Although the Lynah Faithful came out in full force on Friday, the Red was not able to deliver a win for its fans. Unable to capitalize on its chances, Cornell lost to Harvard, 4-1.
“[The game was] certainly disappointing in front of our Lynah Faithful,” said senior forward Greg Miller. “I thought we had some opportunities to certainly score and put the puck in the back of the net, it just didn’t seem to go in. If you can’t score, and they are capitalizing on their opportunities, it’s not going to go your way.”
A scoreless game was broken with around five minutes left in the first period, when a flurry of goals all came at once. At 14:32, Harvard’s Alex Fallstrom scored the Crimson’s first goal of the game. Just 26 seconds later, the Red was able to score one of its own. The Red’s only goal of the night came from freshman forward John Knisley, who scored his first collegiate goal. Miller started off the play and then passed to classmate and linemate Joel Lowry, who sent it to Knisley up the right wing. The puck went past Crimson goaltender Raphael Girard just below his arm at 14:58 to tie up the game.
“It was a nice relief, [although it] would have felt better if we got the win there,” Knisley said. “But Miller made a good play in front of the net there blocking a shot and he moved up to Lowry and really I just threw it on net trying to create a rebound and it happened to go into the back of the net.”
However, Harvard answered yet again, as the third goal in just over a minute went to Crimson’s Mike Seward. Despite the Harvard’s lead at the close of the first period, the Red had outshot them, 11-7, and controlled much of the play and the physical game throughout.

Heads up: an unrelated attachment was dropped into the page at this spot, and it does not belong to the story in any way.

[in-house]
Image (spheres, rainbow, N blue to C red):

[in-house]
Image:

“It’s obviously frustrating to lose a game,” said head coach Mike Schafer ’86. “You can sense the frustration from our guys in not scoring goals and getting off opportunities and bearing our chances and then it compounds itself.”
Although Cornell played a sound second period, a Red defensive turnover leading to a two-on-one led to another goal for the Crimson as the second period was drawing to a close. Harvard claimed a 3-1 lead going into the third period.
“The third goal that they scored is a direct result of [us having] played a pretty good second period and then Nick [D’Agostino]’s just trying to do something too much,” Schafer said.
Again, Cornell put forth a solid effort in the third period, but was unable to capitalize on any of its chances. With a minute and a half left in the game, Schafer took junior goaltender Andy Iles out of the net, and Harvard’s Petr Placek was able to earn an empty netter just 14 seconds before the buzzer.
The final 4-1 score is not reflective of the night’s scoring chances. By the end of the game, the Red had outshot Harvard, 35 shots to 17. Furthermore, Harvard had blocked 23 of the Red’s shots.
“We were prepared to play — I thought we worked hard throughout the course of the game, we battled,” Schafer said. “As a coach you just go back and evaluate where we are after we come out of that game. It’s obviously disappointing to lose but you have to go back and look at the factors that lead to maybe not capitalizing on scoring chances, chances we gave up. We have to address those issues.”
Original Author: Dani Abada